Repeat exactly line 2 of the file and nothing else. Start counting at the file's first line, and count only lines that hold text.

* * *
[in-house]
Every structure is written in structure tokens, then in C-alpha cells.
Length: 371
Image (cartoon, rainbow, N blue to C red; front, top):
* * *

Every structure is written in structure tokens, then in C-alpha cells.